Let’s do some basic math. Consider that some 900 million or so passengers travel out of US airports every year. Pre-pandemic numbers, of course. Let’s be conservative and say that 40 million are business passengers. Now let’s drop our numbers down even lower. Consider if just 10 million of those business travelers took one less flight per year, deciding a zoom call was adequate. Let’s say the average airline ticket is, let’s call it $500 round-trip, which is pretty low, especially for an international flight. That is a potential $5 billion the airline industry will not make because of video conferencing. I am just spit-balling these numbers, so don’t take this as gospel. I’m using it to make a point.
BUT PEOPLE WANT TO MEET IN PERSON, DON’T THEY?
Of course, business relationships are built better, when in-person. Business travel will continue, and shortly after the pandemic, you will see a massive surge of air travel. But as things level off, like many of us have found out during the pandemic, while relationships can’t be built through video conferencing, but they can be maintained.
Just how much in-person contact does your client need? Of course, that is as individual as every grain of sand on the beach (what is it with the beach references today?), and no one can truly predict it for a total population. But like any hurricane, we know that things will be different after it moves through the city.
The popularity of video conferencing may hit the charter and private aircraft industry to some extent. Managers for major department stores (a major user of private and chartered planes) are getting used to having their daily and weekly meetings by webcam. That said, during the pandemic, the charter industry is seeing a boost in traffic, so we’ll see how this works out. What may be bad for one part of our industry, may be good for another.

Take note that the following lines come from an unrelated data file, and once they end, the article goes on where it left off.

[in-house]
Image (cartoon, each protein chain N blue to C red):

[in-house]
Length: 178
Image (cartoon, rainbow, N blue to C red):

Some companies are finding an increase in productivity, with many of their employees working from home. There is also less need for infrastructure. The airlines know this better than anybody else when it comes to business; you reduce expenses and increase revenue. If companies can get away with just a few fewer in-person meetings per year, the multiplier effect could be significant.
So where is that good news I promised?
WHAT DOES THIS MEAN FOR PILOT HIRING AND THE FUTURE OF AVIATION?
Honestly, no one can say how many pilots or planes are needed with any certainty. That 250,000 number might be too low (I hope). We are in unprecedented times. Since the beginning of aviation, we’ve never experienced a worldwide pandemic. No one can accurately predict what will happen. However, we can take a few things into account that may influence future passenger traffic.
During this pandemic, the airlines and charter industries have made air travel much better. These changes may push passenger traffic to even higher levels than before. Flying may be a pleasant experience once again, without being nickel and dimed with fees. It’s cleaner, and overall, the focus has returned to the passenger as a person, instead of cargo.
Just like after 9/11, once this pandemic calms down, the world we return too, will not be the world we left. It’s like Marty McFly going back to an alternate 1985. There are specific changes we cannot ignore, in this new “alternate,” 2020. But we can’t go back to the past to correct our problems, we have to live in the now.
DESPERATION SPARKS INNOVATION
I don’t think that air travel will get back to what it was before. I think it will be better. Desperation tends spark innovation. Companies are making inroads into airliners and business jets traveling at supersonic speeds, but with a noise footprint equal to today’s subsonic planes.
A few business jets already fly just under the speed of sound, and hypersonic business jets have been a topic of discussion going back over ten years.
The critical path to aviation’s future is in the commercial space industry. That industry must make innovations, technologies, and discoveries to make spaceplanes viable to the general public. Their findings benefit the companies in the supersonic and hypersonic flight industries (and vice versus).
The students moving through the aviation program at my university and others may start their careers in a subsonic airliner, a chartered business jet, or a private jet. But I predict by the end of their career, they will be traveling at supersonic and hypersonic, speeds. And going higher, further, faster than we’ve ever gone before.
I’m so jealous.